Let’s look at my previous comic buying habits, as they stood pre-baby, hell even pre-marriage, and it might give us some context.
I used to have a rough standing order of about a dozen comics per month. It’s nothing massive by any stretch of the imagination. I had room to wiggle with minis coming out or the odd title I wanted to try out. I also manage to pick up the odd title in trade only and try to make it so I can do this as soon as the trade hits.
My budget for each month is set at $60 but routinely blows out to $80 (don’t tell the wife). We both have/had good jobs. It’s not taking money from anywhere else in the budget. I think it’s reasonable and yet still completely enjoyable. I don’t drink coffee, I don’t smoke, and since becoming a boring married person I rarely go out on the bottle either. Life is simple, life is fun, life allows me my stories.
But then a baby started to grow and I knew I had to be an adult about it. I could not justify $80 a month when so many other things needed to be purchased; cots, bassinets, prams, not to mention the daily money pits babies are. I knew I had to reevaluate my stance on the monthly budget. I had to set a very strict number, plan three months ahead with previews, and then grossly stick to it. There’s be no fancying anything on the racks, I’d go to the counter, ask for my order, pay, and leave. It’s sad, because I love a good browse on the racks, but the temptation would be too strong. I would have to do my browsing online, three months in advance, and hope I didn’t miss anything.
I let my list stew for a few months, I knew I had a 9 month deadline, give or take, so there was plenty of room for procrastination. I put it off, I thought about it while trying not to think about it. It was a terrible time inside my conflicted mind. I wasn’t sure exactly what to do but then another factor all but made up my mind. My wife and I, a month before the baby was due, found a home we wanted to buy. We went through the processes, got lucky, and bought into a lifetime debt of closer to half a million dollars than I would have liked to think about. Money was suddenly a commodity that would be fought over with teeth and nails, if necessary. Finally, I manned up and made the new list for the new regime.
I won’t go into what went and what stayed, a true gentleman never tells, but I will say I made my cuts and I was brutal. I made my peace with the new world to come but then out in the distance, like a white knight at the eleventh hour, a stay of execution was ordered from two sources.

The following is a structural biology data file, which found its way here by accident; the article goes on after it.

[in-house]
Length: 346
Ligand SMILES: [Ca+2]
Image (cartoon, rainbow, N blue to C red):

Gestalt Mash. He said he liked my work and hoped I could contribute a few things. He also said he’d pay me for the privilege. It was an interesting offer and now I’ve slowly seeded some work his way. It’s different stuff, articles I probably wouldn’t have written for this site.
Then Tim Callahan, a reviewer and comic writer I greatly respect, announced, via his podcast The Splash Page, that he would be vacating the review team on CBR. I had a quick chat with him and asked if the opening was going to be filled and if so how and when? He said he’d put in a good word for me and bingo bango, within the month I had the job.
Now, this is important because CBR pay for each of their reviews. I more than make my money back for having to buy the comic in the first place, and then I turn a profit. It was a glorious day for me, but it was better for my pull list. All terminations were quickly rescinded and nothing was lost from my stack. In fact, a few extra things were added.
So, here I am, a nice and full weekly stack coming in steadily. Some extra cash coming my way and I write about what I love. I know I am not the normal case. I know I am lucky or blessed, hell, maybe even talented (probably lucky). I know it doesn’t always go this way and that’s why I want to celebrate the one time it has. I can’t take this for granted, not in the slightest. I appreciate every week I get to read comics.
The lesson I took from this was a) I made the cuts, I had my list down, I can man up when necessary, and b) all my persistence and hard work writing gonzo here for a year has paid off. Someone noticed and they respected what I have done. That’s kind of nice, in both ways I feel like more of an adult. And I feel like I’ve learned some lessons I can pass onto my son, and his future weekly stack.
Comics are not a commodity that is necessary but if you want to enjoy life it might just be the one thing you want. It’s important to find that life balance. Have you ever had to give anything up to make room for comics in your budget? Have you ever had to make any cuts in your budget as other priorities force their way into your wallet? Please, let me know in the comments, I love to hear your story.